August was quite a busy month with a lot of traveling and so I wasn’t able to make my goal of one new recipe a week last month. Now things have settled down a bit and I’m back in the saddle. This recipe I found on (you guessed it) Pinterest and it intrigued me especially since our local grocery store had quite the deal on fresh raspberries. The combination of lemon and raspberries is killer in my estimation and that made the choice even easier. So here is my recipe rating for a lemon raspberry loaf cake and lessons I learned while making it.
Recipe Rating – I’m conflicted so I will give it a range of B+ to A+. I know it’s a strange rating but I had to make this twice in order to get it right. The reason for the range is that I am just not sure whether the issue is how the recipe was written or the the challenges related to baking in high altitude. I will explain in my lessons learned.
Lesson Learned 1 – The flavor of this cake is awesome! The loaf fell in on me the first time I made it but I was determined to perfect the recipe because of the flavor. The cake is super delicious and I’m not kidding. If you love the flavors of raspberries and lemon you have to try this one. It is to die for!
Lesson Learned 2 – Cooking with raspberries (and blueberries for that matter) is tricky: I’m not sure whether this is a high altitude or a berry thing but with this recipe (and also with my lemon blueberry pound cake recipe), when I used the amount of berries called for in the recipe my cake either became a mushy mess or sunk in in the middle. Both times I had to reduce the amount of berries in order for the cake to turn out perfectly. Both types of berries tend to get wetter and mushier when you bake them so I am thinking that the proportion of berry to batter is really important in order for the cake to hold its shape and not cave in. If any of my readers have any insights on this, I would certainly appreciate it. The first time I made this cake I used one cup of raspberries as called for in the recipe and the cake fell apart in the middle. The second time I used 3/4 cup and the cake did not cave in. Hmmm……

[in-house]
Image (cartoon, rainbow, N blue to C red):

Lesson Learned 3 – Adding some additional flour: When I use box mixes (which has become less and less these days) I always add two tablespoons of flour to adjust the mixture for high altitude. I did the same for this recipe and I think that along with adding slightly less raspberries prevented the cake from falling in.
Lesson Learned 4 – Flouring the raspberries: Shame on the original recipe. It did not tell you that you have to slightly flour fresh raspberries in order for them to evenly distribute themselves in a batter. If you don’t they’ll all sink to the bottom. If you use frozen raspberries you don’t need to flour them, but it is a must with fresh berries. This was the only flaw in this recipe but the flavor of the cake more than made up for it.
Lesson Learned 5 – Adjusting batter for the size of the loaf pan: Maybe part of my problem was that I used my 8×4 loaf pan when the original recipe called for using a 9×5 pan. I googled the adjustments and it was suggested that the 8×4 pan only have 4 cups of batter put into it a opposed to 6 cups of batter for a 9×5 pan. This recipe makes 4 cups of batter so I’m not sure the amount of the batter was an issue in this case. I definitely had to bake the loaf longer, an additional 15 minutes to be exact. The additional baking time did not hurt it and produced a nicely browned top.